Chugach From United States of America, joined Dec 2004, 1041 posts, RR: 2 Posted (8 years 5 months 3 weeks 4 days 12 hours ago) and read 9298 times:
Due somewhat to chance, I got to take AS 66 enroute to Juneau last Friday. This is better known as a "milk run" flight, meaning it stops in the smaller towns along the way.
I was upgraded to first class prior to departure thanks to my MVP Gold status on AS. I'll break down each segment of the flight; it was flown with a 734. I'll also include the return portion, AS 67 nonstop JNU-ANC.
Going to Cordova, we boarded out of gate C1 at ANC. After pushback, there was a slight delay due to a problem with the avionics; the pilot came on over the intercom and said that we wouldn't need it today (conditions in ANC that afternoon were sunny and about 80 degrees). Upon completing the necessary paperwork, we made the short taxi over to runway 32 and did the normal departure over Knik Arm and headed east over the Chugach Range.
Flight time to Cordova was 34 minutes. Coach got the normal juice service, while first class had the usual choice of drinks and a pack of pretzels. We started our descent shortly after passing over College Fjord. We flew directly south of Valdez, passed over the town of Cordova, across the hill separating the town from the Copper River Flats, parallel to state highway 10 (the Copper River Highway), and landed straight ahead with a thud on runway 9 at Mudhole Smith Airport. We turned around while still in the runway and backtracked to the ramp.
Pictures from this leg:
The Chugach Range shortly after departure from ANC.
College Fjord, with Harvard Glacier and Yale Glacier:
Shortly before arrival in Cordova:
The Alaska Airlines terminal at Mudhole Smith Airport:
Ground time in Cordova was short so that we could make up some of the time lost while sitting on the ramp in Anchorage. Approximately three (3!) people boarded our 734 in Cordova, bound now for Yakutat.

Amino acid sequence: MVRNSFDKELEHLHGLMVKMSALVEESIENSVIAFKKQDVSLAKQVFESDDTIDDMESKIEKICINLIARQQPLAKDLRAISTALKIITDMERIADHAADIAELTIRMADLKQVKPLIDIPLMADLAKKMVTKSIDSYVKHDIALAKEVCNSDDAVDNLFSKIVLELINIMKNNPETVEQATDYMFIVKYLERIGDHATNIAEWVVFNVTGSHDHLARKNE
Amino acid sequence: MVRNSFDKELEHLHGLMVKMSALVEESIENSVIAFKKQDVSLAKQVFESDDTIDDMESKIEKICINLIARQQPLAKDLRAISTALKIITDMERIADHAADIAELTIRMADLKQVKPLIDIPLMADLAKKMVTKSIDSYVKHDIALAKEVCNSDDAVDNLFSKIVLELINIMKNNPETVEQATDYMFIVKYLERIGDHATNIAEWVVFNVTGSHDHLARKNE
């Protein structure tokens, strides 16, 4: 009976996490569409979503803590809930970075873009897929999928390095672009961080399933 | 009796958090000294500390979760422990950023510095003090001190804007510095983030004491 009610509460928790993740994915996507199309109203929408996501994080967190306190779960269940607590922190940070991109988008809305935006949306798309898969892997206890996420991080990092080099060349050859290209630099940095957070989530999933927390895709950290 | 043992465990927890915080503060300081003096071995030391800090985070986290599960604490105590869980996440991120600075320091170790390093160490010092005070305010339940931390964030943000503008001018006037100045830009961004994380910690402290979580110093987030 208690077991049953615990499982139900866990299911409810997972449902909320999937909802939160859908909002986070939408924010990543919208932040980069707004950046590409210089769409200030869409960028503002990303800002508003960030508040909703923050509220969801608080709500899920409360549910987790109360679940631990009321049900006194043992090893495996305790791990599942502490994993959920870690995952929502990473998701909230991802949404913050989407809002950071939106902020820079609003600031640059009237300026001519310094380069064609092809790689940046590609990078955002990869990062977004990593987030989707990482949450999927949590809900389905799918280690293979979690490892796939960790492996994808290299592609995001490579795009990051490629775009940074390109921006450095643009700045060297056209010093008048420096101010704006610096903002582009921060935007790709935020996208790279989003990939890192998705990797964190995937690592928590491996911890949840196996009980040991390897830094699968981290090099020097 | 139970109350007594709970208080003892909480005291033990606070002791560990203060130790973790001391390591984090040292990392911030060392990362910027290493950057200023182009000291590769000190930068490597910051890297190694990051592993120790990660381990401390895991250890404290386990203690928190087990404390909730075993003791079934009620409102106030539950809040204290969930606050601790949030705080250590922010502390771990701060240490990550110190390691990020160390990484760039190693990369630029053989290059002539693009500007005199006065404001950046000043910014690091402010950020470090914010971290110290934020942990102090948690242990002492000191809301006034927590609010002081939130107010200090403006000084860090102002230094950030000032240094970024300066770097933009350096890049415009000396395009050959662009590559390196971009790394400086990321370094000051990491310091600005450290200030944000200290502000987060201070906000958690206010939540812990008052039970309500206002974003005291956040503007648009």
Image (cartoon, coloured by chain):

Flight time to Yakutat was announced as 41 minutes. We taxied back to runway 9 and took off to the southeast. Routing between Cordova and Yakutat is pretty simple: just hug the coast. Service on this leg was identical to the first leg, and I had first class almost to myself (only one other passenger).
Descent into Yakutat was nothing short of spectacular. Great views of Mt. St. Elias and Mt. Logan before touching down smoothly on runway 11 at the Yakutat Airport. Once again we turned around in the runway (most rural Alaska airports don't have taxiways) and pulled up next to the Alaska Airlines building. Yakutat is one of, if not the, smallest towns in the world with jet service. It has a population of roughly 800 people and sees two flights a day on AS.
Pictures from the Cordova-Yakutat leg:
Glacier (not sure of the name) shortly after takeoff from Cordova.
Nice overview of the Copper River.
Mt. St. Elias, the second-highest peak in Alaska at slightly more than 18,000 feet.
Boat harbor in Yakutat shortly before landing.
Alaska Airlines terminal in Yakutat.
The Yakutat Lodge at the airport...sign says it all.
Our 734 taking a breather on the ramp at YAK.
The Yakutat-Juneau leg was similar to the first two. Flight time was announced as 43 minutes, and by my count, 21 people boarded in Yakutat. We departed from runway 11 and headed southeast, taking a turn to the west over Glacier Bay. We passed over Gustavus and Excursion Inlet, over the Chilkat Range and Funter Bay, past Auke Bay and the ferry terminal before passing over JNU and making the infamous 180 degree turn over Gastineau Channel before landing on runway 26 at Juneau International Airport. We parked at gate 3, where I disembarked and the flight continued on down to SEA.
Chilkat Range on descent into Juneau.
Auke Bay and the Alaska Marine Highway ferry terminal. You can see a ferry docked in the lower left hand corner.
Nice overview of Juneau International Airport and Mendenhall Glacier before making the turn for landing.
The Mendenhall Wetlands seconds before landing.
The following Monday, I hopped on to AS 67 to return to Anchorage. AS 67 is a milk run of its own, routed SEA-KTN-SIT-JNU-ANC. Once again I was upgraded to first. The flight was full. Service in first class was more extensive than on the way down, due to the longer stage length. Inflight service in first class consisted of pre-flight water, a choice of drinks while inflight, and a nice plate of cheese and crackers. I sipped on a glass of Jack Daniels while my seatmate entertained me with stories of blowing up cans of white gas in the Brooks Range. I love this state.